I completed an essay earlier this evening, and was all set to publish it, when somehow or other – maybe by pressing return instead of backspace – I lost the whole damn thing. Vanished. Gone. Usually when I write I keep a copy. But this time I was relying on Livejournal’s own backup. And when I needed it, it wasn’t there. Too bad. Stuff happens. So the following is a reconstruction of what I wrote. It’s not quite as good as the lost original, nor perhaps quite as defective, but it reproduces most of its themes, and sometimes even its original words.
Unlike more or less any other industry, the antismoking industry is one which produces few benefits and many costs. Most industries serve to improve people’s lives, and to bind them together into communities, by providing food and shelter and a variety of useful goods. The antismoking industry, however, acts to make life harder for many people, and to shatter communities. If it produces any goods at all, they are not ones that anyone wants to buy.
The benefits of antismoking measures are for the most part only discernible to antismokers themselves. And they are entirely imaginary in nature: they consist in projected or imaginary numbers of lives saved, conjured out of mortality figures using estimated risk factors based upon inaccurate and partial data. However the costs of antismoking measures are real. The costs are experienced by real people in the form of fragmented communities, broken friendships, isolation, increased social conflict, and sometimes even death.
The antismoking industry has few satisfied customers, largely because it has no customers. Its business model is not that of a trader, but of a predatory criminal.
The method of the antismoking industry is one of extortion. Taxes, which increase every year, are extorted from smokers. And when these smokers are forced to try to give up smoking, more money is extorted from them by selling them largely ineffective nicotine replacement therapies. In addition to this, in America, the Master Settlement Agreement extorts hundreds of billions of dollars from US tobacco companies.
In this manner, smokers themselves provide the funds which allow for their continued and increased persecution and harassment, just like a flock of sheep provides the flesh that keeps alive the wolf pack that feeds upon it. And antismokers have been multiplying and growing rich on the backs of smokers. It’s money like this that funds the likes of Professor Robert West and Professor David Hunter, and other professional antismoking activists.
In another era, antismoking predators would be regarded as racketeers, or as a mafia feeding off society. Such mafias usually demand protection money against some imaginary threat. And if necessary, they make real this imaginary threat with beatings of non-payers or trashings of their businesses. The antismoking mafia also offers protection against the imaginary threat of smoking. And if necessary it acts to make real the threat, by creating a climate in which smokers are isolated and excluded, fired from their jobs, refused medical treatment, and sometimes physically assaulted. A divided community of isolated and defenceless smokers allows them to be picked off easily, one by one. That’s how predators work.
To see the antismoking industry as predators helps to explain a few things about them. Like why the dangers of smoking are arbitrarily multiplied by 10 every few years, so as to maintain the perceived threat level. It also explains why they increasingly just make stuff up without even bothering to provide any sort of scientific justification for it – e.g. third hand smoke, which is a purely imaginary threat -. The pretence at any sort of scrupulous or even-handed scientific reasoning is just the mask that conceals the predator’s true intentions.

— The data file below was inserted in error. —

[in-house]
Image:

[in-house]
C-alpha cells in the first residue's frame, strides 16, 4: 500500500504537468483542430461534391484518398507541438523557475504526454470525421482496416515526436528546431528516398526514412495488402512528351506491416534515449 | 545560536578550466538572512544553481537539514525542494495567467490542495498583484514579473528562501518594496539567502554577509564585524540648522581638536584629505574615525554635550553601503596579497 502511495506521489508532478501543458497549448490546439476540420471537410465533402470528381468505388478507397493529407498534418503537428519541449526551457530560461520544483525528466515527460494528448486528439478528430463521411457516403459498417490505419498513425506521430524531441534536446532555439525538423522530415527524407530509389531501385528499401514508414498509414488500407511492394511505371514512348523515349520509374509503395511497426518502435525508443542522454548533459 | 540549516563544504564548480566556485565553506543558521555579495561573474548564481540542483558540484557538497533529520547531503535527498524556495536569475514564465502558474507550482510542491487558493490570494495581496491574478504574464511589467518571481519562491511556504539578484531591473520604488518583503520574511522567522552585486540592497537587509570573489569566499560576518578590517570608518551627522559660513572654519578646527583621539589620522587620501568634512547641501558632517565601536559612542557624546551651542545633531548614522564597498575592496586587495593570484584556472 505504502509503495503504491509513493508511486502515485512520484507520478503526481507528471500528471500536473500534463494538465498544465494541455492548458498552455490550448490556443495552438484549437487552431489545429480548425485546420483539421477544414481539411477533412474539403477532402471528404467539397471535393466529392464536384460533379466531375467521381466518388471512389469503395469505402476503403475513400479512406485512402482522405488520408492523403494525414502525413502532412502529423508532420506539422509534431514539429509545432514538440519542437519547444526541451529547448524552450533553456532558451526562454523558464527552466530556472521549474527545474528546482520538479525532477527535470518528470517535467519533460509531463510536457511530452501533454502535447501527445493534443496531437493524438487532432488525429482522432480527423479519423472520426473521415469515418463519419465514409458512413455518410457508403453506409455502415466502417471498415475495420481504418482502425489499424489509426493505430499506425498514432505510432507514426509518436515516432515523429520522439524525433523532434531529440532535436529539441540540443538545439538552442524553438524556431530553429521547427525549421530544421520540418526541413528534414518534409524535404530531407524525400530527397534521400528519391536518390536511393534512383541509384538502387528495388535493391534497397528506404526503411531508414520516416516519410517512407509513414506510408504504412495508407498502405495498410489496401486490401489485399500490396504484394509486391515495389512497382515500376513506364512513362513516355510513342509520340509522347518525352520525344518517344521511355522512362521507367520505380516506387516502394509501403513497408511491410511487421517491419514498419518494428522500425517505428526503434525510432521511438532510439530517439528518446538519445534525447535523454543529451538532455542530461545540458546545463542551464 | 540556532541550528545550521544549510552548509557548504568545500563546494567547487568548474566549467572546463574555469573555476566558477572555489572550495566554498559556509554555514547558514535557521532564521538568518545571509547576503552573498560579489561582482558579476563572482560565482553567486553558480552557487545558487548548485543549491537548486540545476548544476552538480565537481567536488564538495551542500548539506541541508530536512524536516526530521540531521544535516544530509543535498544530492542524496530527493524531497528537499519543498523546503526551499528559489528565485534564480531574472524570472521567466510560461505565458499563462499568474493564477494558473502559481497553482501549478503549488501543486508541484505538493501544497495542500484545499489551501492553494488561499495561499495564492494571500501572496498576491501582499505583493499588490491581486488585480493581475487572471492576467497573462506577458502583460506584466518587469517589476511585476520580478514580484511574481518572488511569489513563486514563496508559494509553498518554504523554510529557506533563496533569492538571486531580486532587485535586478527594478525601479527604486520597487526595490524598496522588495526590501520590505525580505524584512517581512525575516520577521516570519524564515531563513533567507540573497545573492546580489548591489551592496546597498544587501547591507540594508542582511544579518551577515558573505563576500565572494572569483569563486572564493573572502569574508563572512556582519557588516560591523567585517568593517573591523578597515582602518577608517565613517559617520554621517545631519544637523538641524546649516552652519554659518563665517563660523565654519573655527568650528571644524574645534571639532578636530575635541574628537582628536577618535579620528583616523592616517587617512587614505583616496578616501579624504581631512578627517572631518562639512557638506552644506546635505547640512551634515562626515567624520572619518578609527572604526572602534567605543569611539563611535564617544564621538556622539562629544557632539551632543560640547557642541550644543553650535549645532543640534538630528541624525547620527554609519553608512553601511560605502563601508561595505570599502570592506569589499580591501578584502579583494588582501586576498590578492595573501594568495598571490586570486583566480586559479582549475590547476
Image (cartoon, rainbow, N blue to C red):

Antismokers live parasitically as predators of smokers, living off flesh that has been gouged out of smokers. In spring, as sheep begin to multiply, the wolves multiply too. But come winter, and the numbers of sheep dwindles, the wolves dwindle also. Their attacks upon the flocks become more intensive. The modern predatory antismoking industry has grown fat on the backs of a dwindling number of smokers through economic boom years. But now that recession has come, it faces sharp reductions in its customary income. The baying banshee howl of antismoking propaganda is likely to begin to fade as the money runs out. The voices of smokers will begin to be heard instead, as their stories, hitherto drowned out, gradually emerge.
The US prohibition era which ran from 1919 to 1933 began in a period of American prosperity – the Roaring Twenties -, and was lifted as depression bit in the aftermath of the 1929 Wall Street crash. During the fat years, Americans could carry a burden of parasitical prohibitionists that fed off their wealth and their sense of guilt at that wealth. But once depression bit, it was too much to carry. Life was hard enough without having to bear unnecessary, additional restrictions. History is repeating itself. The modern antismoking industry grew up in a time of economic growth and prosperity, but as recession – and perhaps even depression – begins to bite, it will become too much to bear. Bad laws, which make life harder for people rather than easier, will again bring the whole of the law into contempt. Smuggling has already multiplied. The real social effects of smoking bans, as opposed to their imaginary benefits, will begin to emerge.